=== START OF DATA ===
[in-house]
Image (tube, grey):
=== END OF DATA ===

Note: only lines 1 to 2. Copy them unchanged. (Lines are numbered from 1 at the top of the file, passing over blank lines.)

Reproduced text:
[in-house]
Image (tube, grey):